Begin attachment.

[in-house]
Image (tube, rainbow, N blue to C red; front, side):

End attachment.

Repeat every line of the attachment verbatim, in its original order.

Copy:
[in-house]
Image (tube, rainbow, N blue to C red; front, side):